Is Mmm In Dogs Fatal

Masticatory myositis can be fatal as the dog cannot open its mouth to eat or drink properly. If the disease goes untreated or it has progressed to the point that most of the muscle fibers of the jaw have been replaced by fibrous tissue, this disease is not curable.

Who develops MMM? Are there some breeds that are more susceptible to MMM than others?

MMM can occur in any breed and in both males and females. The average age of MMM patients is 3 years, but there have been cases of dogs as young as 4 months with the disease. There are several breeds that are identified as more likely to develop MMM, These breeds include:

  • Golden Retrievers
  • Doberman Pinschers
  • German Shepherds
  • Labrador Retrievers
  • Cavalier King Charles Spaniels
  • Rottweilers
  • Weimaraners
  • Large Breed Dogs
  • How is MMM diagnosed?

    A dog’s inability to open his mouth, inability to eat, swollen chewing muscles, and excruciating face pain are symptoms of MMM. A blood test will diagnose MMM. The test searches for and measures circulating antibodies that attack the muscle fibers (autoantibodies). The blood test must be done before any treatment is provided, as treating with corticosteroid anti-inflammatory medication may cause the blood test to register a false negative.

    In cases where circulating autoantibodies are not detected, there is another diagnostic test for MMM, a muscle biopsy. The veterinarian removes a small section of affected muscle for evaluation. The muscle biopsy is used to determine the level of inflammation present as well as the severity of the fibrosis that occurs as the muscle tissue deteriorates.

    Q: What is the 2M antibody assay, and what is its sensitivity and specificity?

    The 2M antibody assay is an enzyme-linked immunosorbent assay (ELISA). Small plastic wells are coated with masticatory muscle myositis antigens, where serum from a dog suspected to suffer from MMM is placed on top.

    If the dog has any 2M antibodies present in the blood, these will attach to the antigens in the wells. Often a color-bonded enzyme will then be added to the solution to determine the presence of antibodies by displaying a color. The absorbance (intensity of the color) is then measured. A higher intensity meaning more antibodies present.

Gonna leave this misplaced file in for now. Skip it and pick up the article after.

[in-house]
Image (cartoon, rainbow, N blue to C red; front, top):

Sensitivity or “true positive” (simplified) means how good the test is to determine whether a patient is carrying the disease. If sensitivity is very high – as it is with ELISA – the test will be very good at defining a true positive carrier of the disease as actually being positive.

    On the other hand, specificity is a measurement of how good a test determines that a patient does NOT have the disease. High specificity means that it is infrequent for an ELISA test to miss a positive. Conversely, if the test is negative, the patient is almost certainly not carrying the disease.


    How quickly does MMM progress in dogs?

    In the study, MMM generally carried a favorable prognosis when treated promptly with immunosuppressive doses of prednisone. Dogs typically regained normal masticatory function within 4 weeks of treatment, although 27% of affected dogs experienced relapse that resolved with continued glucocorticoid therapy.

    How do dogs get masticatory muscle myositis?

    Masticatory muscle myositis (MMM) is an immune system disorder in which the dog’s immune system identifies the dog’s own muscle tissue as foreign and attacks it. The masticatory muscles are the muscles involved with chewing. MMM causes these muscles to become swollen and painful.

    Is myositis in dogs painful?

    What causes masticatory myositis in dogs? Masticatory myositis in dogs is a result of an autoimmune targeting process in which autoantibodies (IgG) are produced and target the myofibers of the muscles of mastication. The underlying trigger of this immune response is unknown.